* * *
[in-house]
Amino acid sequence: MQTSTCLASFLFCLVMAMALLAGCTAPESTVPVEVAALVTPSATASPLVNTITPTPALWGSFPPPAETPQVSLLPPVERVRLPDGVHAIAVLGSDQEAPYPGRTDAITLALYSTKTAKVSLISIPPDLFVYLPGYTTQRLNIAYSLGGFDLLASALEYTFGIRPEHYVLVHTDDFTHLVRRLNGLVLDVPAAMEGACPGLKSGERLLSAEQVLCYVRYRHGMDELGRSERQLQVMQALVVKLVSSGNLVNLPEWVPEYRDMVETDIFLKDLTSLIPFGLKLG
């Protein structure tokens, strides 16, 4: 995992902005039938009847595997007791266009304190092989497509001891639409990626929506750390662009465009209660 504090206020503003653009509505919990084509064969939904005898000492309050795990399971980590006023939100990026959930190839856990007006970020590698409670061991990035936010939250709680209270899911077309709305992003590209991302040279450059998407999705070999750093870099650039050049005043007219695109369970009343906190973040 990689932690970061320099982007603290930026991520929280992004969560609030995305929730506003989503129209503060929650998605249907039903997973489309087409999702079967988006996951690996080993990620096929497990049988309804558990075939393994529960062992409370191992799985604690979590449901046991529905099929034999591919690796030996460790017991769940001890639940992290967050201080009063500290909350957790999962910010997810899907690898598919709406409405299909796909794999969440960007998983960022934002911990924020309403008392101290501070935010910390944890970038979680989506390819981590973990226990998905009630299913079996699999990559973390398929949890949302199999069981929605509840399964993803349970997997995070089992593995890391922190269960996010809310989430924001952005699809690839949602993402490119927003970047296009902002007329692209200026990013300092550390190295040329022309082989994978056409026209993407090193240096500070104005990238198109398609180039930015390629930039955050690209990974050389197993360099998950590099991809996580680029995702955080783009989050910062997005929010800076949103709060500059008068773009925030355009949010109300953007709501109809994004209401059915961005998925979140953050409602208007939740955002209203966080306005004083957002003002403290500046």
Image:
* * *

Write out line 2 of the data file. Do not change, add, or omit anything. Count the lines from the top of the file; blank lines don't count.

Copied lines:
Amino acid sequence: MQTSTCLASFLFCLVMAMALLAGCTAPESTVPVEVAALVTPSATASPLVNTITPTPALWGSFPPPAETPQVSLLPPVERVRLPDGVHAIAVLGSDQEAPYPGRTDAITLALYSTKTAKVSLISIPPDLFVYLPGYTTQRLNIAYSLGGFDLLASALEYTFGIRPEHYVLVHTDDFTHLVRRLNGLVLDVPAAMEGACPGLKSGERLLSAEQVLCYVRYRHGMDELGRSERQLQVMQALVVKLVSSGNLVNLPEWVPEYRDMVETDIFLKDLTSLIPFGLKLG